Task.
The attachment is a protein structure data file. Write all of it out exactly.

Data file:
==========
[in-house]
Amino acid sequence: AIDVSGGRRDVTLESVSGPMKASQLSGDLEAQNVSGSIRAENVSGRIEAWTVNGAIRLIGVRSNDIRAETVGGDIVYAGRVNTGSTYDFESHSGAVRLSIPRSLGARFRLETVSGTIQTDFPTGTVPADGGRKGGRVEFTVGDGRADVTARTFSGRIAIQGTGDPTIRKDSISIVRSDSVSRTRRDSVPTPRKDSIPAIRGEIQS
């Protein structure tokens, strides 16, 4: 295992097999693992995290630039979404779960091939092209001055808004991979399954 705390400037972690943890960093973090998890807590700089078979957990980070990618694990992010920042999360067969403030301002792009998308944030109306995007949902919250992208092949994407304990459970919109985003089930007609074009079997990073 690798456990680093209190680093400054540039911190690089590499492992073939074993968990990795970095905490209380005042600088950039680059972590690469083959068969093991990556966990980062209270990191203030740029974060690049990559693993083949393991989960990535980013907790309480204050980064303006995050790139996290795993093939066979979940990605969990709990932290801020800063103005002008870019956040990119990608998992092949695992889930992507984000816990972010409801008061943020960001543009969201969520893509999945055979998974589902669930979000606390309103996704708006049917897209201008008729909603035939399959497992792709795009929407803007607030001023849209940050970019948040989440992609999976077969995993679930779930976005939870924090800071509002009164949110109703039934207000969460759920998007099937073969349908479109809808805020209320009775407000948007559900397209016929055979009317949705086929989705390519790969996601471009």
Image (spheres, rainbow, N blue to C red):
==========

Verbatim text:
[in-house]
Amino acid sequence: AIDVSGGRRDVTLESVSGPMKASQLSGDLEAQNVSGSIRAENVSGRIEAWTVNGAIRLIGVRSNDIRAETVGGDIVYAGRVNTGSTYDFESHSGAVRLSIPRSLGARFRLETVSGTIQTDFPTGTVPADGGRKGGRVEFTVGDGRADVTARTFSGRIAIQGTGDPTIRKDSISIVRSDSVSRTRRDSVPTPRKDSIPAIRGEIQS
């Protein structure tokens, strides 16, 4: 295992097999693992995290630039979404779960091939092209001055808004991979399954 705390400037972690943890960093973090998890807590700089078979957990980070990618694990992010920042999360067969403030301002792009998308944030109306995007949902919250992208092949994407304990459970919109985003089930007609074009079997990073 690798456990680093209190680093400054540039911190690089590499492992073939074993968990990795970095905490209380005042600088950039680059972590690469083959068969093991990556966990980062209270990191203030740029974060690049990559693993083949393991989960990535980013907790309480204050980064303006995050790139996290795993093939066979979940990605969990709990932290801020800063103005002008870019956040990119990608998992092949695992889930992507984000816990972010409801008061943020960001543009969201969520893509999945055979998974589902669930979000606390309103996704708006049917897209201008008729909603035939399959497992792709795009929407803007607030001023849209940050970019948040989440992609999976077969995993679930779930976005939870924090800071509002009164949110109703039934207000969460759920998007099937073969349908479109809808805020209320009775407000948007559900397209016929055979009317949705086929989705390519790969996601471009």
Image (spheres, rainbow, N blue to C red):